ASHEBORO, N.C. (WNCN) — The North Carolina Zoo’s oldest male lion has died. Reilly, a 23-year-old African lion battled renal disease for several years.
In addition to being the oldest male lion at the NC Zoo, Reilly was also the oldest male lion in an Association of Zoos and Aquariums accredited institution.
“He was so tolerant of his rambunctious offspring and was fiercely devoted to his lady lion, Mekita,” said Zookeeper Beth Malott, who worked with Reilly for eight years. “Reilly was a one-of-a-kind soul, and his morning roars will be greatly missed.”
The lion’s renal disease paired with his advanced age and weakened physical state, lead the animal care team and veterinarians to make the decision to euthanize him.
“Renal disease is not uncommon for a cat of Reilly’s advanced age, be it a domestic cat sitting on your chair at home or a lion at the Zoo,” says Director of Animal Health and Chief Veterinarian, Dr. Jb Minter. “We had been extremely fortunate to be able to monitor the advancement of Reilly’s renal disease over the years using operant conditioning to get blood from his tail, but unfortunately, the progression of the renal disease along with his previously diagnosed spinal disease proved to be too much. I will surely miss hearing his roar from across the park.”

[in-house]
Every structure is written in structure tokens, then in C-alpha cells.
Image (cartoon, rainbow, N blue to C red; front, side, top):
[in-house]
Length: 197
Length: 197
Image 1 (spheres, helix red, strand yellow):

Reilly was born at Lincoln Park Zoo on February 7, 1999, and came to the NC Zoo in March 2001. He fathered a total of nine offspring.
Reilly’s partner, Mekita is now the only lion at the zoo. The zoo said the addition of any future pride members will be based on recommendations from the AZA.
A lion’s average lifespan in the wild is about 10 to 15 years. Male lions under human care have a median life expectancy of 17 years. The zoo says males weigh up to 570 pounds. At the time of his passing, Reilly weighed 394 pounds.
The NC Zoo says they actively support conservation efforts of lions across Africa, including implementing SMART-based monitoring systems that assist with anti-poaching efforts to help protect lions in areas critical for their survival. Lions have have suffered due to poaching, unintentional snaring and retaliation for livestock predation.